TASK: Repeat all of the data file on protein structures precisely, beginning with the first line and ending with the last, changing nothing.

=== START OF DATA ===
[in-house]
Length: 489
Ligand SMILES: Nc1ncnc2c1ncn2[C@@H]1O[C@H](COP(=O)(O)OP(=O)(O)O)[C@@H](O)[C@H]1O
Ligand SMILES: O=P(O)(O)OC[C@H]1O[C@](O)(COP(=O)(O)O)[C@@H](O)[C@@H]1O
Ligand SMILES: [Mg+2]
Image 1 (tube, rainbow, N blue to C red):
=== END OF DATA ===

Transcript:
[in-house]
Length: 489
Ligand SMILES: Nc1ncnc2c1ncn2[C@@H]1O[C@H](COP(=O)(O)OP(=O)(O)O)[C@@H](O)[C@H]1O
Ligand SMILES: O=P(O)(O)OC[C@H]1O[C@](O)(COP(=O)(O)O)[C@@H](O)[C@@H]1O
Ligand SMILES: [Mg+2]
Image 1 (tube, rainbow, N blue to C red):